Terrier Dog Breeds
Find The One That's Right For You!

Most of the terrier dog breeds were originally developed in the British Isles. Initially, they were working dogs used in hilly farmlands to hunt down small animals in dens or burrows or eradicate vermin. Their double coat, strong jaws, digging ability and quickness have equipped them well for these jobs.

The first comment people usually make about the terrier dogs is that they are a feisty bunch! And that is certainly true, but they are also very smart, alert, enthusiastic, energetic, loyal and fearless - emphasis on fearless.

They love to play and always look like they are ready and waiting for some exciting action. And if it doesn't happen, they will find a way to let you know they want some attention.

You'll never have a chance to get bored if you have a terrier around the house. I know this from first hand experience being bossed around by the largest of the terriers, an Airedale - nicknamed "the king of the terriers", a moniker my dog has really taken to heart!

Because the dogs in this group are so lively and engaging, it naturally evolved that in addition to their working abilities, they have also become beloved companions in family homes.

Meet the Terrier Dog Breeds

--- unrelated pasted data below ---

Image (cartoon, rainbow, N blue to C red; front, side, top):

Airedale terrier illustration image
American-staffordshire terrier illustration
Australian terrier illustration image
Australian Terrier
Bedlington Terrier illustration
Glen Of Imaal dog breed illustration
Glen of Imaal
Irish Terrier dog illustration
Irish Terrier
kerry blue terrier dog illustration
Kerry Blue
Lakeland terrier dog illustration
Border Terrier dog illustration
Border Terrier
Bull Terrier dog breed illustration
Bull Terrier
Cairn Terrier dog breed illustration
Dandie Dinmont Terrier illustration
Dandie Dinmont
norwich terrier dog image
Norwich Terrier
Parson Russell terrier aka Jack Russell dog breed illustration
Parson Russell
Scottish Terrier dog breed illustration
Sealyham terrier dog breed illustration
Manchester terrier dog breed illustration
Manchester Terrier
Miniature Bull terrier illustration
Miniature Bull
Miniature Schnauzer dog illustration
Miniature Schnauzer
Norfolk Terrier dog breed illustration
Norfolk Terrier
Skye Terrier dog breed illustration
Skye Terrier
Smooth Fox Terrier dog breed illustration
Smooth Fox Terrier
Soft Coated Wheaten terrier illustration
Soft Coated
Staffordshire Bull terrier dog breed illustration
Bull Terrier
Welsh Terrier dog illustration
Welsh Terrier
West Highland white terrier dog illustration
West Highland
standing illustration of Wire Fox Terrier dog
Wire Fox Terrier

Terrier Dog Breed Traits

Don't expect to get a terrier's attention if they have spotted, or given chase to, a moving object! They will be completely focused on their target until their mission is resolved.

As a result, they need ongoing training to reinforce recall commands that are important to their safety.

While terriers are intelligent and have been trained for a variety of jobs, they can be a bit willful. The solution to this is ongoing training.